China on Friday sought to reassure global currency markets that a new state investment agency set up to chase higher returns for its $1,000bn-plus in foreign exchanges reserves would not harm the value of the US dollar.

Wen Jiabao, premier, said at a press conference to close the National People’s Congress that investments by the agency “would not have any impact on US dollar-denominated assets”.

Mr Wen’s comments were reinforced by the People’s Bank of China, the central Bank, which said in a report issued hours later that it would not make “frequent, major adjustments to the structure of the reserves in response to market movements”.

Mr Wen gave no timetable for establishing the new agency or the proportion of the reserves it would manage. But his comments are significant because Chinese leaders have been cautious in their remarks on the reserves, especially regarding the US dollar, for fear of encouraging speculation that Beijing is reducing its holdings of the currency.

Mr Wen’s reassurance on the US dollar is also in China’s self-interest, since any dollar sell-off would leave huge capital losses for Beijing’s existing holdings.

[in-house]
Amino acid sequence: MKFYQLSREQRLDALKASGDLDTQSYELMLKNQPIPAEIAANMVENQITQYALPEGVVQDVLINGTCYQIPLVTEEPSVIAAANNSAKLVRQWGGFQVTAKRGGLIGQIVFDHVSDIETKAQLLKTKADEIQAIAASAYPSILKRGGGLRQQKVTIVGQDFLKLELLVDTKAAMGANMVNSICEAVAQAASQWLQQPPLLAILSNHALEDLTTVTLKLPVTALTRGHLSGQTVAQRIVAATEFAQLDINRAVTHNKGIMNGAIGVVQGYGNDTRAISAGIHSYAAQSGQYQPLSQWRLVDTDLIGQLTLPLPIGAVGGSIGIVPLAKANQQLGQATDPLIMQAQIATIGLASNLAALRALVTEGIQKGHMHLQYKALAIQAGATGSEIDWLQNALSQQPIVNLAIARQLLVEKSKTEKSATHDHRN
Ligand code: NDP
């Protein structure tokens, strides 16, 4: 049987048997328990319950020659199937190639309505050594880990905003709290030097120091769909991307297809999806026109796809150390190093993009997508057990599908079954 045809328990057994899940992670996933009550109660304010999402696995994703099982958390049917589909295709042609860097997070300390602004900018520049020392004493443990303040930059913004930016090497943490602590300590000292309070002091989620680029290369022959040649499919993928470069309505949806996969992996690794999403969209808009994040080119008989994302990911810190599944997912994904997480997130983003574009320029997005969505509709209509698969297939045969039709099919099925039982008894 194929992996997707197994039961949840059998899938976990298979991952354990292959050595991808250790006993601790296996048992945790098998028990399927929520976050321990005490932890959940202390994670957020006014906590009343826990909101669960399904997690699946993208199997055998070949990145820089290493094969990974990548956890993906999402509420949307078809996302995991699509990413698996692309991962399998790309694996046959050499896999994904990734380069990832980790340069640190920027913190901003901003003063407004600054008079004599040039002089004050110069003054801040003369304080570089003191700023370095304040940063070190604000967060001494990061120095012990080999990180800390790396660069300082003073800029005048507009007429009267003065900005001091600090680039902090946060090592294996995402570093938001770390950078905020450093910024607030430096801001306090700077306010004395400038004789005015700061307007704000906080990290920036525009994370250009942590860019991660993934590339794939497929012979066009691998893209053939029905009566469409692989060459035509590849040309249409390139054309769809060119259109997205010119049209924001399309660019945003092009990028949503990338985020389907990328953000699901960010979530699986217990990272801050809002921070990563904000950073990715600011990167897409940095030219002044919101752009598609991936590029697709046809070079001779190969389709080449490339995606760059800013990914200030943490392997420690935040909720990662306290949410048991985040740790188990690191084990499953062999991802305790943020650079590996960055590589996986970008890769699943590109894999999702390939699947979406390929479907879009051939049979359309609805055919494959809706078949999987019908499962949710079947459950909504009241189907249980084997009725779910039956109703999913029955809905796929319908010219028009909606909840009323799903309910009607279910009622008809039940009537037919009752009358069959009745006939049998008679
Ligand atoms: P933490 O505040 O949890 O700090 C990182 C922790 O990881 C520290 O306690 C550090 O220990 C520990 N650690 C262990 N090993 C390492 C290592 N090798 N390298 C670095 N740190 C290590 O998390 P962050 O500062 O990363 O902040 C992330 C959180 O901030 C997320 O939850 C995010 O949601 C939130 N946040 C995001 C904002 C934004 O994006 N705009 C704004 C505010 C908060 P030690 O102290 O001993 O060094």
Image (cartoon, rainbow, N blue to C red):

The precise make-up of China’s holdings is a state secret, but about 75 per cent are believed to be held in dollar-denominated assets.

Mr Wen said: “I can assure you that by instituting such a foreign exchange reserve investment company, it will not have any adverse impact on US dollar- denominated assets.”

Chinese leaders have publicly canvassed a range of uses for the reserves, ranging from portfolio investments overseas to the purchase of so-called “strategic” resources and funding the local welfare system.

The government has announced that Lou Jiwei, the former vice-minister for finance, has been appointed to a position under the State Council, the cabinet, in apparent readiness to takeover the running of the new body.

But it has yet to give any detail about how the body would be run and its relationship to other bodies under the central bank which hold large tranches of shares in state-owned companies.

Mr Wen’s generalised reassurance on the US dollar is also in China’s self-interest, as any sell-off in the greenback would cause huge capitals losses for Beijing’s existing holdings.

The precise make-up of China’s holdings is now a state secret but about 75 per cent are believed to be held in US dollar, either in Treasury bonds, or other higher-yielding securities.

The holdings are managed by the State Administration of Foreign Exchange, an agency under the central bank, which will continue to oversee the bulk of the reserves even after the establishment of the new agency.

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